This softshell is really windproof and it’s also pretty water resistant too, making it a viable choice to take on its own for rides of a couple of hours. The cut is fitted which adds to the nice snug feeling and helps to keep the wind out. There’s a high, light weight and non restrictive feeling neoprene collar and cuffs, which further help to keep the chilly air out. As with all Gore kit the quality of construction is excellent and the way the various panels go together makes for a really natural fit when you’re on the bike. Stretch inserts make the jacket really comfy when riding along and mean that it doesn’t have a nerdy “assume the position” look when you’re not riding. Reflective piping is subtly all over the place as well. There are other colours if you’re not into stealth and you can find out more here on the Gore Bike Wear site.

RRP is £169.99

2012 International

This year is set to be a big one for Great Rock. As well as the popular trail centre and natural trail UK courses, I’m heading off with my bike in the EVOC bag to lead several European skills holidays. If you meet my wife you might just explain to her that this is a job and not just one big holiday.

Although all the trips have mountain bike skills as the core element, there is a lot more going on as well. I’m keen that all the trips are good holidays in their own right and the locations are actually places that I want to go to. It’s not all school and we have a lot of fun riding our bikes all day in the big hills with the assistance of experienced guides.  When the riding’s done we can relax in good places and our accommodation and food is always of a high standard. Sometimes we drink a beer or two.

The riding in all the areas has lots of quiet singletrack trails. It’s all proper mountain biking with the right balance of technical challenges as well as magnificent views. Because the areas I go to are a bit quieter the riding is not all uplifted. There is some pedalling although all the trips also include uplift to get the most fun out of our riding time. You will not have to queue to ride and neither will you have to suffer braking bumps. Details of all the trips are here on the site under the Courses tab above.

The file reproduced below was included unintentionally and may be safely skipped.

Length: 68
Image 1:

Trans Provence

First up are the February and March, 3 day Trans Provence skills breaks in the south of France based at Sospel. I’m running these with Ash, mastermind of the notoriously technical Trans Provence race. In September I’m off again to work as part of the mountain team for the TP race itself.

Basque country

Building on the success of last year’s Basque skills and guided riding holiday, I’m pleased to be collaborating with Doug from Basque MTB again in July this year. NW Spain is a lovely area with great, quiet trails. There is mountain, coast and forest there and the riding often has lovely views out to the Atlantic coast. The Basque country has a unique culture and my favourite part of that is the excellent food.

August sees a return to the south of France for my first collaboration with trailAddiction for a backcountry skills week in the Areches-Beaufort or ‘Destination X’ area of the French Alps.

Hopefully I’ll get a trip to Greece in the autumn as well after several journeys over there in the last couple of years. These trips have been for Greek mountain bikers so far, but there are plans in the pipeline for Greek riding holidays.

Maybe see you out there somewhere!